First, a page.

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Editorial: N.C. Forum’s 10 points can make public schools better

January 24, 2018 GMT

CBC Editorial: Wednesday, Jan. 24, 2018; Editorial # 8262<br /> The following is the opinion of Capitol Broadcasting Company

Last week North Carolina got its education report card. It was one of those that, in another setting, we might wish we could say the dog ate it. The state received a C- overall (40th in the nation) and a D (45th in the nation) in school finance, according to the Quality Counts 2018: Grading the States” report from Education Week.

Our legislative leaders like to point with miss-directed pride, to the state’s low tax, low wage, low cost-of-living – as a beacon enlightened opportunity. They don’t mention ranking among the worst states for teachers, low teacher pay, low school principal pay, low per-student spending, low support for Medicaid, low support for child health and, well, we could go on.

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And don’t point to those reports that rank the state high in attractiveness for business. It wasn’t all that long ago, that those who now crow about them were dismissing them as rigged and phony.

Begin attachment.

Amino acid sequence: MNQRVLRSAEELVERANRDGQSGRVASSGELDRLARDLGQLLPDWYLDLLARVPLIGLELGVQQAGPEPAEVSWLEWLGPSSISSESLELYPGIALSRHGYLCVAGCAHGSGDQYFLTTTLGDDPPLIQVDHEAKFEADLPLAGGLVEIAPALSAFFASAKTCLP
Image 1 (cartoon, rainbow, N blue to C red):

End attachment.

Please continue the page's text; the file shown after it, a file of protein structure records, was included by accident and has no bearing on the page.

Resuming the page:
So, on the heels of that less-than-stellar report on the status of education in the state, the Public School Forum of North Carolina today offers up 10 issues that, if addressed forthrightly, will start to lift our state’s education system out of the basement.

“Adequacy and equity” in funding the state’s public schools, the Public School Forum says, is key.

“Adequacy and equity are central tenets to address the chronic and growing divide between urban and rural, wealthy and poorer school systems,” says Keith Poston, the forum’s executive director. “Where children are born should not determine the educational opportunities available to them.”

For those who truly want our state to have a top ranked public education system, focusing on the Forum’s 10 issues would be a good start on that road.

These are realistic and common-sense priorities to make public schools better that North Carolina policymakers, particularly leaders in the General Assembly, need to embrace.

To learn more about the Public School Forum of North Carolina’s Top 10, click here.